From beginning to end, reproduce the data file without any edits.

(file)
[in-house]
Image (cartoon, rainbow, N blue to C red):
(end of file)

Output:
[in-house]
Image (cartoon, rainbow, N blue to C red):